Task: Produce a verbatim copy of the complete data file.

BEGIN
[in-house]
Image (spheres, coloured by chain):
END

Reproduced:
[in-house]
Image (spheres, coloured by chain):